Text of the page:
This chapter shows you how you can use DATE, TIME, and DATETIME fields in assignments, ACCEPT (validation), PRINT and SEND statements (Display).

DATE, TIME, and DATETIME Fields. 1

Introduction. 1

Section 1.  DATE fields. 2

Assignment To DATE Fields. 2

Assignment From DATE Fields. 3

Validating DATE Data. 3

Section 2.  TIME fields. 4

Section 3.  DATETIME fields. 4

Text Conventions. 5



A field may be defined with type DATE, TIME, or DATETIME: -


    Date1 DATE DPIC 'dd-MMM-yy',

    Date2 DATE DPIC 'dd.mmmm.yyyy',

    Date3 DATE DPIC 'dd/mm/yy',

    Date5 DATE DPIC 'yyyy.ddd',

    Date6 DATE DPIC 'ddd/yy',

    SpecialDate DATE VALUE 19631122);

    Time1 TIME,

    DateTime1 DATETIME );


By defining fields like this you make it clear to others, and to Jazz, the type of data that is in these fields: what it is used for, what values are valid, and how it should be displayed.   Jazz can ensure that it is set validly: for example


ACCEPT(W.Date5 = X.Date5) MESSAGE(Err.Msg);

will report an error if the CHAR(9) value in X.Date5 is not a valid date in format 'yyyy.ddd', such as 2016.060.


DATE and TIME fields are internally the same as INTEGER fields, in COBOL PIC S9(9) COMP, with initial value ZERO which means “No DATE (or TIME) value”  A DATETIME field is a combination: you can think of it as either a BIGINT field, or a GROUP containing a DATE and a TIME field. 


Whatever the DPIC (Display PICture), data in a DATE field is always stored as 8 digits: four year digits, two month, and two day.  Thus with value 2016.060 in X.Date5, W.Date5 is set to 20160229 (2016 is a leap year).


Refer to JazzLRM_Data.#Display_Options for information about DPIC.


TIME and DATETIME fields are not implemented yet, except for definition. TIME data will be stored as 9 digits: 2 for hour (00 to 23), 2 for minute (00 to 59), 2 for seconds (00 to 59), and 3 for milliseconds.

Section 1.  DATE fields

Assignment To DATE Fields.

A DATE field may be set from

·         Another DATE field


·         A constant.   If you set a DATE field from a constant, then Jazz will interpret and validate the value when your program is checked, according to these rules: -

·         Numeric constants.  For example: -

W.Date1 = 20160228;


The value is in order year, month, and day no matter what DPIC is used.  You can give separator characters between year, month, and day if you like, for example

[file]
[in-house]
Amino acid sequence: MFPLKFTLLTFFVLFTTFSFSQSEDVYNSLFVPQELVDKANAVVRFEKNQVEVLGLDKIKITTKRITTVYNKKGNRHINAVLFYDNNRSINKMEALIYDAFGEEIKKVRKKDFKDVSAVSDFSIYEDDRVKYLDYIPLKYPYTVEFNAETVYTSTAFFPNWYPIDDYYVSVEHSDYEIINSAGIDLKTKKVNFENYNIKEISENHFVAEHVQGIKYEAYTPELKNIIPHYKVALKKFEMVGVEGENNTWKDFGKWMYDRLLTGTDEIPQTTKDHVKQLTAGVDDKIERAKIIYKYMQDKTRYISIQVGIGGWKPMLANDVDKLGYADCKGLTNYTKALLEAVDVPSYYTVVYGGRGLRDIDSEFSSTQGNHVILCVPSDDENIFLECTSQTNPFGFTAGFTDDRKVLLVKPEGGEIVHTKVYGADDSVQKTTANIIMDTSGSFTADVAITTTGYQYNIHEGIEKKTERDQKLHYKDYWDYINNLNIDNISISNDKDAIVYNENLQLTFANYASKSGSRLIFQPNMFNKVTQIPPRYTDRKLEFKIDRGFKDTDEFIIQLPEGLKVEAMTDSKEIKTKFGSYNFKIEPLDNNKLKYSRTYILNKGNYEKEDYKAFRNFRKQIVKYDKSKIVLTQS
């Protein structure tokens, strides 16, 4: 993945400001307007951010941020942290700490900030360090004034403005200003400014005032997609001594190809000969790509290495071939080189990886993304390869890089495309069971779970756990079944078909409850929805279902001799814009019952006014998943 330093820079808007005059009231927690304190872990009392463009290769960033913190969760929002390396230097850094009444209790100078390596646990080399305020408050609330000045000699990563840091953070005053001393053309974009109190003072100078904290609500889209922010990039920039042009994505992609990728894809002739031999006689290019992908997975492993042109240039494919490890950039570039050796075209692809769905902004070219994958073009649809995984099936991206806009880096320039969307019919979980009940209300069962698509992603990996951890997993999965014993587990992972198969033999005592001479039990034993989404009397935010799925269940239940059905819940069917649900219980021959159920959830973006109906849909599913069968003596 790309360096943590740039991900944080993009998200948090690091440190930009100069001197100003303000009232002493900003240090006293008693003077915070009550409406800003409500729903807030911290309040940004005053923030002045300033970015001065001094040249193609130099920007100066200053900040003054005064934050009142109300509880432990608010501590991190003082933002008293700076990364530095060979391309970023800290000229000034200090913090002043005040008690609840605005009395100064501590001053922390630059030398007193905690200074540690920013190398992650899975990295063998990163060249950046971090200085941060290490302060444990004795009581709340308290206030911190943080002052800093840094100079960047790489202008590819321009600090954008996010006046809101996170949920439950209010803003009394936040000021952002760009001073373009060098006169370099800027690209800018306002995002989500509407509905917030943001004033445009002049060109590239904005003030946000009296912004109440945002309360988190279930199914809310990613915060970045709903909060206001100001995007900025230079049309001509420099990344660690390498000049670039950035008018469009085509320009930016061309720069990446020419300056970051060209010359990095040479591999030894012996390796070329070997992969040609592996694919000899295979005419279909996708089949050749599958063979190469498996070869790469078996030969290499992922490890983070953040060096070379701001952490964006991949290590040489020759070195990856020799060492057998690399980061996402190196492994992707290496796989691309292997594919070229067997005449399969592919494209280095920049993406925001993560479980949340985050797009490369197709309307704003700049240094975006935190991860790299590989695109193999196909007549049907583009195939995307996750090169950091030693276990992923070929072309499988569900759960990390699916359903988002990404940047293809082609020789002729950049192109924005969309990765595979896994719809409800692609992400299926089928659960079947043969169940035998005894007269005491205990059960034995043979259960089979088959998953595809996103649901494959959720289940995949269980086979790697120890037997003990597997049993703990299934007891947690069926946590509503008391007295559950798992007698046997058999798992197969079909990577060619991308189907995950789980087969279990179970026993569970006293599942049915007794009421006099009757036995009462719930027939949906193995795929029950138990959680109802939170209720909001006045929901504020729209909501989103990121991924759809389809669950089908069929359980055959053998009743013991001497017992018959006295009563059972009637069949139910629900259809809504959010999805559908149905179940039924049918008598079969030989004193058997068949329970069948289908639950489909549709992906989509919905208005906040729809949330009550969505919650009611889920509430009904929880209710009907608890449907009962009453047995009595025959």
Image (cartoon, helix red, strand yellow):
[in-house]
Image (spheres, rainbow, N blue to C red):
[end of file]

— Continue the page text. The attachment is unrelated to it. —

W.Date1 = 2016/2/29;

If there is only a single separator character then the value is interpreted as a Julian date, with the part before the separator (usually “.”) being interpreted as century and year if 4 digits, or year if two, and the part after the separator being interpreted as the day value from 1 to 365 (366 if a leap year).  Thus

W.Date1 = 2017.6;

or         W.Date1 = 2017.06; or W.Date1 = 2017.006;

is interpreted as 20170106,

W.Date1 = 2017.60;

is interpreted as 20170301, and

W.Date1 = 2016.60;

as 20160229.   If the century is omitted, as in

W.Date1 = 18.60;

then the current century is used, making this 20180301


The date value is validated: for example: -

W.Date1 = 20170229;  [Not a leap year

#568 E Date Value invalid: Day Invalid

To reset a date to its initial value, or to zero indicating that the field contains no date, use

W.Date1 = JAZZ.$Init;


W.Date1 = JAZZ.$Null;

(You’ll simply write $Init or $Null, leaving it to Jazz to insert the qualification)


·         String constants. With a string value the value is checked using the DPIC, for example

Date1 DATE DPIC 'dd-MMM-yy', …

W.Date1 = '27 May 17';

With this DPIC Jazz logic checks that characters 1-2 are a number from 01 to the maximum for the month, characters 4-6 are one of the known three-character month abbreviations, and characters 8-9 are a number from 00 to 99.  Jazz doesn’t care if the separator character is the same as in the DPIC, but there must be one character between each section.   Note that leading zeros are required.


Because the string value is interpreted by DPIC, not by “what is obvious”, so that with the DPIC above and this assignment

W.Date1 = '2017/02/28';

Jazz interprets 20 as the day, 7/0 as the month name, and “/2” as the year, leading to error messages: -

#568 E Date Value invalid: Year '/2' not numeric

#568 E Date Value invalid: Month '7/0' invalid


·         A numeric or string (CHAR or VARCHAR) variable.   When assigning data from another type you should use an ACCEPT statement unless you are certain that the source data is correctly formatted for the assignment type.   ACCEPT will check the input using the same rules as above, giving you error notifications when the data is invalid.

Assignment From DATE Fields.

A DATE field may be assigned to

·         Another DATE field

·         A numeric variable

Assigning a DATE to a number will assign an eight-digit numeric value such as 20180124.  A message will be produced if the numeric variable has fewer than 8 digits.  If the target number has a suitable DPIC then the value will be easy to interpret: for example

DEFINE X DATA(Number INTEGER DPIC '9999,99,99');


X.Number = W.Date1;

PRINT (W.Date1, X.Number);

resulting in output like this: -

*-Date1-* *-Number-*

29-Feb-16 2016,02,29